Constantino Kánter made his political career under the former PRI governor Roberto Albores Guillén and his son, Roberto Albores Gleason. Many considered him the representative of the most backward sector of Chiapas finqueros (estate owners), who until a few years ago asserted the right of pernada [1], abused women and had to be carried in chairs by the indigenous peoples.


[1] Constantino Kánter was also featured with members of his family in Nettie Wilde’s “A Place Called Chiapas,” a film about the Zapatista Uprising.

[2] The right of pernada refers to the right of feudal lords to rape their female servants. In Chiapas, that right accrued to the estate owners.

Originally published in Spanish by La Jornada on April 1, 2021 and Re-Published with English interpretation by the Chiapas Support Committee

Militarization, the highest phase of extractivism

CSC note: In 2019, to address the devastating narco war, Mexico consolidated it security and police forces and renamed the new formation “Guardia Nacional,” the National Guard, further militarizing policing, using the GN to patrol its northern and southern borders against migrants. Above: Mexico’s Guardia Nacional action, on the border with Guatemala, attacking Honduran migrants fleeing the ravages of capitalist extractivism and narco-neoliberalism.(Photo: Cambio16)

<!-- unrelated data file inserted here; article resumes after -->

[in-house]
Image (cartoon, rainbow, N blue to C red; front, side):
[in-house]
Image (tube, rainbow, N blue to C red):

By Raúl Zibechi

The growing militarization of our societies is a clear sign of the autumnal phase of the patriarchal capitalist system. The system gave up on integrating the popular classes, and no longer even aspires to dialogue with them, but limits itself to surveilling and controlling them. Before this militaristic period, the “misguided” were locked up in order to set them straight. Now it is a matter of open-air  surveillance of entire social layers making up the majority of the population.

When a system needs to militarize daily life to control the majority, we can say that its days are numbered. Although in reality those days would have to be measured in years or decades.

A good example is the legacy of the Pinochet regime in Chile, in particular the central role played by the military and the militarized police, the Carabineros, in social control.

One of the legacies is that  armed forces control the   surpluses of the state copper company. Copper is Chile’s main export.

The Restricted Law on Copper   was approved in the 1950’s, in the midst of rampant mobilizations of   workers and the poor in the city and the countryside.